Sound Wave
Light, Sound and Waves

Hearing things - teaching and learning issues

Teaching Guidance for 5-11

The Teaching and Learning Issues presented here explain the challenges faced in teaching a particular topic. The evidence for these challenges are based on: research carried out on the ways children think about the topic; analyses of thinking and learning research; research carried out into the teaching of the topics; and, good reflective practice.

The challenges are presented with suggested solutions. There are also teaching tips which seek to distil some of the accumulated wisdom.

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Think again

Sound Wave
Light Sound and Waves

Think again - about hearing

Teaching Guidance for 5-11 11-14

Pupils' views on how we hear

Our experience tells us that there is not a big variation in the views that children of this age bring to their science lessons. Nevertheless, it is a good idea to probe the understanding of your pupils at the start of any lesson sequence or module.

A worksheet (see below) might be used to probe pupils' thinking on sound, allowing them to show what they understand. Included are the responses of six pupils to the sheet.

See if you can spot any common patterns, things to avoid and things you'd want to reinforce in your teaching.

Resources

Download the support sheet / student worksheet for this activity.

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Sounds and vibrating sources

Sound Wave
Light Sound and Waves

Sounds and vibrating sources

Teaching Guidance for 5-11 11-14

Vibration

Wrong Track: If you hit a cymbal it vibrates to make the sound. If you drop a spoon on the kitchen table it just makes a noise.

Right Lines: All sounds are produced by vibrations. If you drop a spoon on the table, the sound you hear comes from the vibrations that are set up in the table and spoon.

Teaching and learning about vibrations

Thinking about the learning

The challenge here is for pupils to come to appreciate that all sounds are generated by the vibration of a source.

In some situations the vibrating object is obvious; in others it is less so. Where the vibration is less obvious, pupils tend to revert to ad-hoc explanations for the generation of the sound, often focusing on human action. For example, The hammer makes the bang because you hit the wood hard with it. The learning challenge for pupils is to develop the general idea that all sounds are produced by vibrations.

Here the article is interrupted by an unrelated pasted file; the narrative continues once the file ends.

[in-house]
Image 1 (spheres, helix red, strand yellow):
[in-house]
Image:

Thinking about the teaching

In your teaching it is worth identifying where the sound is coming from each time you consider a new sound-making context. Take the time to chase down what it is that is vibrating to act as the source of the sound.

A teaching colleague entertains her classes each year with the invitation:

Teacher: Let's play spot the vibration!

She uses a range of examples in class:

  • In a reed instrument (clarinet, saxophone, oboe): the reed vibrates, setting all of the air in the instrument tube vibrating.
  • In a stringed instrument: the strings are first set into vibration, by either bowing or plucking, then air is set in motion in the box behind the strings.
  • In a flute or recorder: the mouthpiece is shaped so that the air striking one edge of it is set into vibration. This small vibration sets up a larger vibration of the air in the instrument tube.
  • When two stones are clinked together: it is the stones that vibrate, changing shape as they do so, much like the surface of a drum.

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Sounds - groups of particles moving to and fro

Sound Wave
Light Sound and Waves

Sounds - groups of particles moving to and fro

Teaching Guidance for 5-11 11-14

The physical nature of sounds

Wrong Track: Sounds travel to your television through the cable from the TV company.

Right Lines: Electrical signals pass down the cable to your television. Here they are decoded and the loudspeaker in the television produces the desired sounds.

Codes are not sounds

Wrong Track: You buy CD sounds at a record shop.

Right Lines: The sound does not just sit on the CD. The code on the CD is read by the CD player, which drives the speakers in the headphones and they produce the sounds (music to your ears!).

The nature of sound in teaching and learning

Thinking about the learning

This learning challenge involves being clear about the physical nature of sounds… what they really are.

The challenge here is for pupils to come to recognise and to understand the scientific view of what sound is: the disturbance created by the source, which travels out through the surrounding medium. The disturbance itself consists of successive regions of high and low-density air created by the forwards and backwards motion of millions of air particles. No to and fro motion – no sound.

Thinking about the teaching